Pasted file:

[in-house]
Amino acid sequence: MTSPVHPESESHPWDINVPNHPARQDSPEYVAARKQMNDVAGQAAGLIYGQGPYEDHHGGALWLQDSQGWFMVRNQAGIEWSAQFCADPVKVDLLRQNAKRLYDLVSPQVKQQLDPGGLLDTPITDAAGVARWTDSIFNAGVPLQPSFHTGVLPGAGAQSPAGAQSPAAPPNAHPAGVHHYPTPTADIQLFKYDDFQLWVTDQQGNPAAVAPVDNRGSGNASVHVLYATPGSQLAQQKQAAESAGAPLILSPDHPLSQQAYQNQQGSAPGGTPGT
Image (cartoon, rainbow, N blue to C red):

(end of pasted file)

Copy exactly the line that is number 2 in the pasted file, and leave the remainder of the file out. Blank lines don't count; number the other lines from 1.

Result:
Amino acid sequence: MTSPVHPESESHPWDINVPNHPARQDSPEYVAARKQMNDVAGQAAGLIYGQGPYEDHHGGALWLQDSQGWFMVRNQAGIEWSAQFCADPVKVDLLRQNAKRLYDLVSPQVKQQLDPGGLLDTPITDAAGVARWTDSIFNAGVPLQPSFHTGVLPGAGAQSPAGAQSPAAPPNAHPAGVHHYPTPTADIQLFKYDDFQLWVTDQQGNPAAVAPVDNRGSGNASVHVLYATPGSQLAQQKQAAESAGAPLILSPDHPLSQQAYQNQQGSAPGGTPGT